On the Optimal Structure of Local Governments
AbstractThe authors show that space matters in designing the optimal provision of local public goods. Geography imposes a particular institutional structure of local governments due to the overlapping of market areas associated with different local public goods. The optimum can be decentralized through local governments that have jurisdiction over market areas of all local public good types. This implies that the appropriate suppliers of local public goods are metropolitan governments which finance them through user charges and land rent. In addition, the authors' approach invalidates the prevailing theory of fiscal federalism, according to which a layer of government should be established for each type of local public good. Copyright 1995 by American Economic Association.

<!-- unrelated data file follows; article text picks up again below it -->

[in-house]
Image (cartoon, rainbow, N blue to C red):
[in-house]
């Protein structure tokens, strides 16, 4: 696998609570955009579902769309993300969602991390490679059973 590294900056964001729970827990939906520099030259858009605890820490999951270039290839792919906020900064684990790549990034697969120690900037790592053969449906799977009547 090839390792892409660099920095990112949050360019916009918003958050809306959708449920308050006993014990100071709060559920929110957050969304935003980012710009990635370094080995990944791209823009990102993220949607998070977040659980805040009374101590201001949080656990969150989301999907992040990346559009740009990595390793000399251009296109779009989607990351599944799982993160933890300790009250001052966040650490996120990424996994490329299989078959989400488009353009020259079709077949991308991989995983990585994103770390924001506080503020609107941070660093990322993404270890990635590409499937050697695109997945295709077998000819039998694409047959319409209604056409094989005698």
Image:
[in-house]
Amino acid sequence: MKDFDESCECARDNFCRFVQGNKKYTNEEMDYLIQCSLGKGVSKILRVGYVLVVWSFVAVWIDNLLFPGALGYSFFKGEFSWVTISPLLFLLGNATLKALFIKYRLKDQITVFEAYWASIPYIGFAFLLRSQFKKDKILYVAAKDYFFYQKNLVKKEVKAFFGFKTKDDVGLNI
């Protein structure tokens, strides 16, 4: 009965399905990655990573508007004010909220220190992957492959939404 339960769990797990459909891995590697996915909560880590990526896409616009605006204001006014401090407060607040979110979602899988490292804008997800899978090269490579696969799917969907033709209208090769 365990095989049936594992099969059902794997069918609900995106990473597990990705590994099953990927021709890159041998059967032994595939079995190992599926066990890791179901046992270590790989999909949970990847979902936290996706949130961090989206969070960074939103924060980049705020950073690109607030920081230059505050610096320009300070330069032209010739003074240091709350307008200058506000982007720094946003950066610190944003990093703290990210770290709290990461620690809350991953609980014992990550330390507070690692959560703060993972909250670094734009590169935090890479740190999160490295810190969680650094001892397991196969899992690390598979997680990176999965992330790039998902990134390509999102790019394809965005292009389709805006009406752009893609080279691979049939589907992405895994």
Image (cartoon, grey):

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Bibliographic InfoArticle provided by American Economic Association in its journal American Economic Review.
Volume (Year): 85 (1995)
Issue (Month): 5 (December)
Other versions of this item:
- H11 - Public Economics - - Structure and Scope of Government - - - Structure and Scope of Government
- H72 - Public Economics - - State and Local Government; Intergovernmental Relations - - - State and Local Budget and Expenditures
- R51 - Urban, Rural, Regional, Real Estate, and Transportation Economics - - Regional Government Analysis - - - Finance in Urban and Rural Economies
- R53 - Urban, Rural, Regional, Real Estate, and Transportation Economics - - Regional Government Analysis - - - Public Facility Location Analysis; Public Investment and Capital Stock
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- Grégoire ROTA GRAZIOSI, 2001. "Une analyse économique de la sécession," Discussion Papers (REL - Recherches Economiques de Louvain) 2001034, Université catholique de Louvain, Institut de Recherches Economiques et Sociales (IRES).
- Lawrence Southwick, 2005. "Sewer plant operating efficiency, patronage, and competition," Managerial and Decision Economics, John Wiley & Sons, Ltd., vol. 26(1), pages 1-13.
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